Islamabad: Pakistan's telecommunication watchdog has ordered mobile phone service providers to immediately discontinue packages offering cheap calls late at night because they promote "vulgarity" and go against the "values of the country".
The Pakistan Telecommunication Authority issued the directive to mobile phone companies on Wednesday.
A statement issued by PTA said such packages were against "social norms" and the country's "values".
"We have received a number of complaints from the Supreme Court of Pakistan, the Standing Committee of the parliament, (parliamentarians) and subscribers regarding the promotion of vulgarity through such advertisements and have therefore asked cellular mobile operators to immediately discontinue such packages and to present compliance reports," said PTA Chairman Farooq Awan.
The action by PTA comes close on the heels of claims by religious and hardline groups that packages for cheap calls late at night were encouraging "illicit relations" between young boys and girls.
The matter has also been debated on the country's TV talk shows in the recent past.
Most of the mobile phone companies operating in Pakistan offer so-called "late night packages" that allow users to make calls at a fraction of the charges levied for calls during the day.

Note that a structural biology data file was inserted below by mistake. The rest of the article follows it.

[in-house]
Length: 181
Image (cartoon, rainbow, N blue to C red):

Pakistan's vocal users of social networking websites like Twitter and Facebook criticised the PTA's action, with some describing it as part of moves by authorities and hardliners to enforce "moral policing".
The PTA acted after it convened a meeting of regulatory heads of mobile phone firms, who "unanimously admitted" that their advertising was "not in line" with the moral values of society, the statement said.
According to PTA, one telecom company acknowledged during the meeting that it had issued a "warning letter" to service providers who sent out SMS messages to users to publicise the late night call packages.
The PTA said liberalisation and tough competition in the mobile market have pushed operators to introduce promotional packages.
As long as practices "against social norms" are not encouraged, operators are free to continue providing better services to users at affordable rates, it added.
The watchdog said it was cracking down on the packages under the Reorganisation Act of 1996, which gives it the power to regulate competition in the telecommunication sector, protect consumer rights and ensure that the interests of users are safeguarded.